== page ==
DEAR MISS MANNERS: My lovely young teenage daughter enjoys taking our two friendly dogs for rambles in our large city, but she keeps encountering the same problem. Many people stop to admire and pet the dogs — some of them grown men who use the opportunity to ask her personal questions she’s uncomfortable answering (how old are you, what’s your name, where do you go to school, etc.).
When she was younger, I told her to tell people who made her uncomfortable, “My mother told me not to talk to strangers” because anyone who refuses to honor that reveals himself as someone she ought not be talking to. But she feels she’s too old to say that.
I’m not afraid for her safety — our older dog is a true gentleman, but any indication of distress on the part of my daughter would change his demeanor completely — but I want to provide her with the right thing to say that feels polite to people who are just making conversation but also gives her a way to deflect people, or questions, that give her a bad feeling. And I do think she should trust her feelings in those instances — that’s important.
GENTLE READER: Indeed. But as you already taught her the perfect thing to say, you need only teach her a new way to say it.
When a small child solemnly invokes a parental rule, she is not considered rude because she is reciting an important lesson. Miss Manners agrees that your daughter is too old to say it — if she says it solemnly.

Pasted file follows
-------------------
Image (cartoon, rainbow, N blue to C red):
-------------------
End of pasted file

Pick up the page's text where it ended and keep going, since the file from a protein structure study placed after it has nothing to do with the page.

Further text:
But if she says it with an apologetic twinkle, it will seem charming.
DEAR MISS MANNERS: When someone wants a family member to help with something, should they scream the person’s name as loudly as possible and hope the other person is within earshot, or should they get up and look for the other person? I’m not talking about an emergency situation, just something like they need help with the computer.
GENTLE READER: Until she got to the part about the computer, Miss Manners was going to recommend an active and gentle approach. But in her experience, someone with a computer problem can be in desperate shape, allowing for a piteous call for help.
DEAR MISS MANNERS: Many restaurants play music at enormous volume. While I understand this on a Saturday night in a festive atmosphere, at other times it is distracting.
My husband and I often have Sunday brunch after church, and I would like to converse with him without shrieking. In such an instance when the music is blaring, I often ask the waiter politely if it would be possible to turn the music down. This bothers my husband, and he thinks I am being overly demanding. Is there another or better way to handle this?
GENTLE READER: It is not rude of you to ask, but neither would it be rude of the waiter not to comply, because of the house policy, based on the presumed wishes of other customers.
But you and Miss Manners are not the only people to consider conversation an essential part of going out. The time to inquire about the decibel level in a restaurant is when you make the reservation.